Why is there so much fear of a free Lula?
It has been one year since I was unjustly imprisoned, accused and convicted for a crime that never existed. Every day that I spend here increases my indignation, but I continue to have faith in a fair judgment and that the truth will prevail. I can sleep with the clear conscience of my innocence. I doubt that the people who convicted me in a judicial farce are sleeping well. What gives me anguish, however, is what is happening in Brazil and the suffering of our people.
In order to impose a judgment of exception, they overstepped the limits of the law and the Constitution and weakened Democracy. They continue to revoke the people’s rights and citizenship as they impose a weakening of salaries, precarization of the job market and rising cost of living. They have handed over national sovereignty, our natural resources, our companies and even our territory to satisfy foreign interests.
Today it is clear that my conviction was part of a political movement which started after the reelection of President Dilma Rousseff in 2014. Beaten at the ballot box for the fourth consecutive time, the opposition chose the road to a coup to return to power, restarting the authoritarian addiction of the dominant Brazilian classes.
The coup of impeachment without a crime of responsibility was enacted against the model of development with social inclusion which the country had been building since 2003. In 12 years, we created 20 million new jobs, lifted 32 million people out of extreme poverty, and increased the GDP five-fold. We opened universities to millions of the excluded and overcame hunger.
That model was unacceptable to a privileged and prejudiced layer of society. There were powerful economic interests from outside of Brazil. While the pre-salt petroleum reserves drew the greed of the foreign petroleum corporations, Brazilian companies began to compete for markets with traditional exporters from other countries.
The impeachment was held to bring back neoliberalism in an even more radical form. To do so, they sabotaged the Rousseff government’s efforts to confront the economic crisis and correct its own mistakes. They drowned the country in a fiscal collapse and a recession that still lasts. They promised that all they had to do was to get the PT out of government and that all the Brazil’s problems would end.
The people immediately discovered that they had been tricked. Unemployment increased, the social programs were gutted and schools and hospitals lost funding. A suicidal policy imposed on Petrobras transformed the price of cooking gas out of reach for the poor and led to a national paralyzation by the truck drivers. Now they want to end retirement pensions for the elderly and for rural workers.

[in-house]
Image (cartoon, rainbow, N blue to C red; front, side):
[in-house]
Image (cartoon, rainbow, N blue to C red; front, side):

During the bus trips I made across the country, I saw hope in the eyes of our people and their wish to restart that model which started to correct the inequalities and give opportunities to those who never had them. And in early 2018 the polls showed that I would win the elections in the first round.
They had to stop my candidacy at any cost. Operation Car Wash, which had been the backdrop during the impeachment coup, bowled over deadlines and prerogatives of the defense to convict me before the elections. They illegally recorded my phone conversations and those of my lawyers and even those of the President of the Republic. I was the target of illegal coercive conduct, of veritable kidnapping. They ripped up my house, cut into my mattress and confiscated cellphones and tablets – even those of my grandchildren.
The didn’t find anything to incriminate me: not even conversations with crooks, suitcases full of money or offshore bank accounts. Despite this, I was convicted in record time by Sergio Moro and the 4th Regional Federal Court, for “undetermined acts” without finding any connection between the apartment that was never mine and supposed embezzlement from Petrobras. The Federal Supreme Court denied a legitimate request for habeas corpus, under pressure from the media, the markets and even the armed forces, as Jair Bolsonaro – the largest beneficiary of that persecution – recently confirmed.
My candidacy was barred in violation of electoral law, jurisprudence and an order to preserve my political rights made by the UN Human Rights Committee. Even so our candidate Fernando Haddad had an expressive number of votes and was only defeated by an industry of lies conducted by Bolsonaro on the social media that was funded by an illegal slush fund of foreign money, according to the press.
The most renowned legal scholars in Brazil and in other countries consider my conviction to be absurd and point out the partiality of Sergio Moro, which was confirmed in practice when he accepted the position of Justice Minister for the president who he helped elect through my conviction. All that I want is for them to show one piece of proof against me.
Why is there so much fear of a free Lula, if they have already achieved the goal of blocking my election; if there is nothing to sustain this imprisonment? The truth is what they are afraid of is the organization of the people who identify with our national project. They are afraid that they will have to recognize the arbitrary actions that they committed to elect an incapable president who fills us with shame.
They know that my freedom is an important part of the return to democracy in Brazil, but they are incapable of coexisting with a democratic process.
Brasil Wire |Translated by Brian Mier